It’s a summer’s evening in Amsterdam, and two couples meet at a fashionable restaurant for dinner. Between mouthfuls of food and over the scrapings of cutlery, the conversation remains a gentle hum of polite discourse. But behind the empty words, terrible things need to be said, and with every forced smile and every new course, the knives are being sharpened.
Each couple has a fifteen-year-old son. The two boys are united by their accountability for a single horrific act; an act that has triggered a police investigation and shattered the comfortable, insulated worlds of their families. As the dinner reaches its culinary climax, the conversation finally touches on their children. As civility and friendship disintegrate, each couple show just how far they are prepared to go to protect those they love.
Skewering everything from parenting values to pretentious menus to political convictions, this novel reveals the dark side of genteel society and asks what each of us would do in the face of unimaginable tragedy.
My Review: I wanted to read this book because the premise sounded very intriguing. I always enjoy a story that can be told over the course of one event, or take place in one room. I think it’s incredibly fascinating when an author can captivate an audience with a dialog-driven plot. However, this story left me feeling very disappointed and a little depressed.
The book is about two brothers and their wives who meet to have dinner and discuss some serious issues involving their children. The story is told from the perspective of one of the brothers. I really wish I could have liked this book, because it had a great premise. From the beginning, the story is slow and mundane, and I found none of the characters likable. As the story progresses, we discover that Paul (The brother sharing the story with us) is a deeply troubled individual with some sort of mental condition. As the story continues to unfold, I am convinced that he is nothing more than a complete psychopath. For that matter, all of the characters lack any sort of moral compass and the ideas weaved throughout this book are rather frightening and depressing. After reading this book, one is left with the feeling that humankind is hopeless, heartless and horrible. Although I know there are some genuinely horrible people in the world, I am comforted to know that the majority of the world does not think and act like these characters. I am all for a dark, suspenseful and intriguing novel, but this was just depressing, boring and disturbing. Skip it.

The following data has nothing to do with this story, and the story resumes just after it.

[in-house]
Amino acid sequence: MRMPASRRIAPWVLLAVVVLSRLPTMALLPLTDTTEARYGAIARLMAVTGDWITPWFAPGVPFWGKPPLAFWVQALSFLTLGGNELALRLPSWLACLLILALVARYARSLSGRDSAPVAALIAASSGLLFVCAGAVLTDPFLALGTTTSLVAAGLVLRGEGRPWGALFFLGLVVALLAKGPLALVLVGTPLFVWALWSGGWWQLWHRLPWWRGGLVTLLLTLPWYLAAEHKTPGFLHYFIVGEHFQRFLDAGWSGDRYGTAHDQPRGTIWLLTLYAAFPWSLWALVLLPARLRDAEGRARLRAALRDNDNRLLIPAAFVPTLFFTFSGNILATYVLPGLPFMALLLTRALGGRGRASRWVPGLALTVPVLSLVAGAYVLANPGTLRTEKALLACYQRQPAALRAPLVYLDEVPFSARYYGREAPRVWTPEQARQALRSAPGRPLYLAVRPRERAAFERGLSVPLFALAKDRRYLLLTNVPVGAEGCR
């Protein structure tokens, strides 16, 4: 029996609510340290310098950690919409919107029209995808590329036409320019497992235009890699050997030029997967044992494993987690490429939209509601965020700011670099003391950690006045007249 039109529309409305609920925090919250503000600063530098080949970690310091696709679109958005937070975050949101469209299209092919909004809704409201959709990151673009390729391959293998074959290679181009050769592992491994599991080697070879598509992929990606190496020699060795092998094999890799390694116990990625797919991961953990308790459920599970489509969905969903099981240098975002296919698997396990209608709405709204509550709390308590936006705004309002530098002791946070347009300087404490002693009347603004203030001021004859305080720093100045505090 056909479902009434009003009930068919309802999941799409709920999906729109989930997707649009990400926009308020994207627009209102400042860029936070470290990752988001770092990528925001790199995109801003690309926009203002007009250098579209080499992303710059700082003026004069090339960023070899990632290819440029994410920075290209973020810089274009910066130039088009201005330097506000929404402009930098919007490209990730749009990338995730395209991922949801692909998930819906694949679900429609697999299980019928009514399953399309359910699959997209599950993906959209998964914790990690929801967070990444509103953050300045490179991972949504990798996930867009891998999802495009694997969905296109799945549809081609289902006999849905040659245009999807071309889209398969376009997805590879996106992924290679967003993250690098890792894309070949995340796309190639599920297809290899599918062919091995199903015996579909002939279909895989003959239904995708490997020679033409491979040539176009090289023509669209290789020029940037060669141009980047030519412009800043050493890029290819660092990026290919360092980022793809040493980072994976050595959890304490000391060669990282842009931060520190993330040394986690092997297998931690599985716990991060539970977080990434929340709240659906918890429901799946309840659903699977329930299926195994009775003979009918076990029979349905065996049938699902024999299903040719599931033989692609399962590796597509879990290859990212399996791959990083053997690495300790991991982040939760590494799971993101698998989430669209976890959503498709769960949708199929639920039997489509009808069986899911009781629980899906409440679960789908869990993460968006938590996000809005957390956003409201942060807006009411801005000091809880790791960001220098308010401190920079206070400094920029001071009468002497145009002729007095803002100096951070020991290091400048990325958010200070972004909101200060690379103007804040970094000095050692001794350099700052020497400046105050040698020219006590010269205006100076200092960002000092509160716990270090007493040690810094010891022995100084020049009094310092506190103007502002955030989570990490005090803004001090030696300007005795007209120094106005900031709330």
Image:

*I received a copy of this book free of charge from Blogging for Books in exchange for my honest review.
HERMAN KOCH is the author of eight novels and three collections of short stories. The Dinner, his sixth novel, has been published in forty countries and was an international bestseller. He currently lives in Amsterdam.